Here is a beautiful TEDx talk someone from the IBYFM community has shared with us, where Nahji Chu discusses her Vietnamese food project: MissChu. It chimes so well with IBYFM’s main aim: to add to the asylum seeker discussion through creative means. For Chu, this involves developing new ways for politics to be talked about at the dinner table, in particular, the serving of fresh, fast, Vietnamese food with a side of art and politics. This is central to Chu’s enterprise due to her personal experience as a refugee.
Chu came to Australia as a refugee in the late 1970s after her family fled the Pathet Laos Regime and spent years in various refugee camps. Today, she is one of the country’s most successful business leaders. Chu’s brand of Vietnamese food outlets gained swift popularity in Sydney and Melbourne, leading to plans for more outlets in Australian capital cities, as well as the recent international expansion into London. In 2013 MissChu turned over $20 million dollars.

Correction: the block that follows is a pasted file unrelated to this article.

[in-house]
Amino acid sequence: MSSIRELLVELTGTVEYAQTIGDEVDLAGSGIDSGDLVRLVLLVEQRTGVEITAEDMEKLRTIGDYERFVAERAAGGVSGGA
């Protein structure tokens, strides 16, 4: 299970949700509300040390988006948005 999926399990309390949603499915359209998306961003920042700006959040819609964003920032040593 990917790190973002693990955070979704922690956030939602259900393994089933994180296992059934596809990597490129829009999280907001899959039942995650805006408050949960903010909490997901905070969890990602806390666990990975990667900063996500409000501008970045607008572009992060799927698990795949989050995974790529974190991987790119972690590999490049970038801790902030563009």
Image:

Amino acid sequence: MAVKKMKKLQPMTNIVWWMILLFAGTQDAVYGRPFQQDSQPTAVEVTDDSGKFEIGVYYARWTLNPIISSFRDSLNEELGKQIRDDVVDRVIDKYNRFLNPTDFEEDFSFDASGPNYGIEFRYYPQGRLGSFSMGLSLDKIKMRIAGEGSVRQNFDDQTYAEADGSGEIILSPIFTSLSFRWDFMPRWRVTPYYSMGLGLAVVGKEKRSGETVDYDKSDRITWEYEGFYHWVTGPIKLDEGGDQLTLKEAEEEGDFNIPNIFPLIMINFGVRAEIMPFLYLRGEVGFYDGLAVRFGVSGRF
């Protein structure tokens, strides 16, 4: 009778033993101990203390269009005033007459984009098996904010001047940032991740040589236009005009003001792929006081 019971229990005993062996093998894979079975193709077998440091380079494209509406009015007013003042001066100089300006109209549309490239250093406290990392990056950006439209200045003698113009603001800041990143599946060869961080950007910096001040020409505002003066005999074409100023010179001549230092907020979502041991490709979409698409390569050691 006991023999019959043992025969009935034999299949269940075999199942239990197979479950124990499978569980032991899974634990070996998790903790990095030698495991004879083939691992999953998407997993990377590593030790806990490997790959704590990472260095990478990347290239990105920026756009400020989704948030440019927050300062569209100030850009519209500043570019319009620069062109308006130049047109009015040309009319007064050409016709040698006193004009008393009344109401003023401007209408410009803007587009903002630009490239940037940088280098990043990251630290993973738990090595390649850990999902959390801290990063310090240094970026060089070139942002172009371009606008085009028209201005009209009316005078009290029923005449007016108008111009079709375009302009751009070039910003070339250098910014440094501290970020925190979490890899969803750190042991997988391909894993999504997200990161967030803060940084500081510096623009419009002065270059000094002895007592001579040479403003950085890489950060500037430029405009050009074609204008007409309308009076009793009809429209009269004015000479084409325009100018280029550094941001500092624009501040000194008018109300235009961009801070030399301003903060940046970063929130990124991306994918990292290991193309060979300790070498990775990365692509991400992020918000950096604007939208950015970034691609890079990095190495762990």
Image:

We love the passion Chu brings to her business, and her insistence on delivering food that sparks conversation, plays with common tropes and stereotypes, and incorporates creativity at every level of service. Chu recently collaborated with General Pants Co. on a design of pop-art styled t-shirts emblazoned with DUMPLINGS NOT DETENTION CENTRES and, as the above video shows, has also been working with graphic designers and video artists.
“The T-shirts were about bringing awareness to the whole debate, which has been having some really negative press,” says Chu. “I was like, ‘Well I’ve lived in this country for 36 years, and I’ve tried to make being a refugee cool, and now it’s getting worse and being a refugee is looked down upon’. So I thought, let’s make it funky again, how do I do this? Make a T-shirt and make it pop” (from interview with Francesca Carter, 2013, in Lifestyle)
We haven’t had the opportunity to sample some of MissChu’s food yet–have you?